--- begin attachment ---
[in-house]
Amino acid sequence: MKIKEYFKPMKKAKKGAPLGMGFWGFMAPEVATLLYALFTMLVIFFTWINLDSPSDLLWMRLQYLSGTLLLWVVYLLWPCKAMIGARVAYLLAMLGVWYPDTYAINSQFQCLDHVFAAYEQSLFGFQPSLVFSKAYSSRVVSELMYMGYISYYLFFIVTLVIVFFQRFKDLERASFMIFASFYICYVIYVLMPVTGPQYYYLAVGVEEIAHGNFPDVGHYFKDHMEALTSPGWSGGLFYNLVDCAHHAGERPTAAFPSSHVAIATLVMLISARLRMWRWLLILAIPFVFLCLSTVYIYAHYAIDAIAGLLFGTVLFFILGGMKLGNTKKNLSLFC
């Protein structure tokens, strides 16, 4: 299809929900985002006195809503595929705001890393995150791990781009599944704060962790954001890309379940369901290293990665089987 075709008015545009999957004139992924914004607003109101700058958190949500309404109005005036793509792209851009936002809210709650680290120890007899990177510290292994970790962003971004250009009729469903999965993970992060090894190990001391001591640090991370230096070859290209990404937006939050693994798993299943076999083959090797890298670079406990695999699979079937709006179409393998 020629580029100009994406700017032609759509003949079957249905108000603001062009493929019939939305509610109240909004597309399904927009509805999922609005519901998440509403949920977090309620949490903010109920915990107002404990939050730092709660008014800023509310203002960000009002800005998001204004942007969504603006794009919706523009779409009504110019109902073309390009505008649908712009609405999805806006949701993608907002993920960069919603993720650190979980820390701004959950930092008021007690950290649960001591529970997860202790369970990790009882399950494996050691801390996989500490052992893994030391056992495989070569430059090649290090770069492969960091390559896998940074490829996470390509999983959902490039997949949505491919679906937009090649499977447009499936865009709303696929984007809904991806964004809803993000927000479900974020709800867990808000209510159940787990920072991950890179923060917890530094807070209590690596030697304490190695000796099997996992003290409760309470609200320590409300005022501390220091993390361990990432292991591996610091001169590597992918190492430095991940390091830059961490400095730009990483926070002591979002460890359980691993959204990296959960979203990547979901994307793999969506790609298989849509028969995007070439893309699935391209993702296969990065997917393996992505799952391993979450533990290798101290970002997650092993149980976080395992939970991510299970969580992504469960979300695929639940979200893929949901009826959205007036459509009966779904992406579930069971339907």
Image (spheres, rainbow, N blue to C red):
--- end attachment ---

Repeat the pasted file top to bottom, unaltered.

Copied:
[in-house]
Amino acid sequence: MKIKEYFKPMKKAKKGAPLGMGFWGFMAPEVATLLYALFTMLVIFFTWINLDSPSDLLWMRLQYLSGTLLLWVVYLLWPCKAMIGARVAYLLAMLGVWYPDTYAINSQFQCLDHVFAAYEQSLFGFQPSLVFSKAYSSRVVSELMYMGYISYYLFFIVTLVIVFFQRFKDLERASFMIFASFYICYVIYVLMPVTGPQYYYLAVGVEEIAHGNFPDVGHYFKDHMEALTSPGWSGGLFYNLVDCAHHAGERPTAAFPSSHVAIATLVMLISARLRMWRWLLILAIPFVFLCLSTVYIYAHYAIDAIAGLLFGTVLFFILGGMKLGNTKKNLSLFC
């Protein structure tokens, strides 16, 4: 299809929900985002006195809503595929705001890393995150791990781009599944704060962790954001890309379940369901290293990665089987 075709008015545009999957004139992924914004607003109101700058958190949500309404109005005036793509792209851009936002809210709650680290120890007899990177510290292994970790962003971004250009009729469903999965993970992060090894190990001391001591640090991370230096070859290209990404937006939050693994798993299943076999083959090797890298670079406990695999699979079937709006179409393998 020629580029100009994406700017032609759509003949079957249905108000603001062009493929019939939305509610109240909004597309399904927009509805999922609005519901998440509403949920977090309620949490903010109920915990107002404990939050730092709660008014800023509310203002960000009002800005998001204004942007969504603006794009919706523009779409009504110019109902073309390009505008649908712009609405999805806006949701993608907002993920960069919603993720650190979980820390701004959950930092008021007690950290649960001591529970997860202790369970990790009882399950494996050691801390996989500490052992893994030391056992495989070569430059090649290090770069492969960091390559896998940074490829996470390509999983959902490039997949949505491919679906937009090649499977447009499936865009709303696929984007809904991806964004809803993000927000479900974020709800867990808000209510159940787990920072991950890179923060917890530094807070209590690596030697304490190695000796099997996992003290409760309470609200320590409300005022501390220091993390361990990432292991591996610091001169590597992918190492430095991940390091830059961490400095730009990483926070002591979002460890359980691993959204990296959960979203990547979901994307793999969506790609298989849509028969995007070439893309699935391209993702296969990065997917393996992505799952391993979450533990290798101290970002997650092993149980976080395992939970991510299970969580992504469960979300695929639940979200893929949901009826959205007036459509009966779904992406579930069971339907």
Image (spheres, rainbow, N blue to C red):